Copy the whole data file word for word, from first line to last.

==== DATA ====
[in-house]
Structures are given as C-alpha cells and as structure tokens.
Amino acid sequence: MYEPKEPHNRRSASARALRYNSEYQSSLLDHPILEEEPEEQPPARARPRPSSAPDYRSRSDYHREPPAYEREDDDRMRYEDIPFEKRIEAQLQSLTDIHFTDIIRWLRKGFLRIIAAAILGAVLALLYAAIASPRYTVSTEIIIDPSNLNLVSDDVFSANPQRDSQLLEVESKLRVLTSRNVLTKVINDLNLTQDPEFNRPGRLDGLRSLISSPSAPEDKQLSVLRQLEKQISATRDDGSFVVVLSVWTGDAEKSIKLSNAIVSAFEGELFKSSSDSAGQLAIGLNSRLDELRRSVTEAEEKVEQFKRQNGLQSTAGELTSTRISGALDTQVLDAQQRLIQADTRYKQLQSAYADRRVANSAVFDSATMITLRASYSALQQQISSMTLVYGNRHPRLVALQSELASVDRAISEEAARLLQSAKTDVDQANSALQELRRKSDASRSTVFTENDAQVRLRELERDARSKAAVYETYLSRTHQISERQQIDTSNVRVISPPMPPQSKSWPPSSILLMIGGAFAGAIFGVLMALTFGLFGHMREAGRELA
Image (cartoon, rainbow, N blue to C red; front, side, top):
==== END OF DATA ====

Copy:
[in-house]
Structures are given as C-alpha cells and as structure tokens.
Amino acid sequence: MYEPKEPHNRRSASARALRYNSEYQSSLLDHPILEEEPEEQPPARARPRPSSAPDYRSRSDYHREPPAYEREDDDRMRYEDIPFEKRIEAQLQSLTDIHFTDIIRWLRKGFLRIIAAAILGAVLALLYAAIASPRYTVSTEIIIDPSNLNLVSDDVFSANPQRDSQLLEVESKLRVLTSRNVLTKVINDLNLTQDPEFNRPGRLDGLRSLISSPSAPEDKQLSVLRQLEKQISATRDDGSFVVVLSVWTGDAEKSIKLSNAIVSAFEGELFKSSSDSAGQLAIGLNSRLDELRRSVTEAEEKVEQFKRQNGLQSTAGELTSTRISGALDTQVLDAQQRLIQADTRYKQLQSAYADRRVANSAVFDSATMITLRASYSALQQQISSMTLVYGNRHPRLVALQSELASVDRAISEEAARLLQSAKTDVDQANSALQELRRKSDASRSTVFTENDAQVRLRELERDARSKAAVYETYLSRTHQISERQQIDTSNVRVISPPMPPQSKSWPPSSILLMIGGAFAGAIFGVLMALTFGLFGHMREAGRELA
Image (cartoon, rainbow, N blue to C red; front, side, top):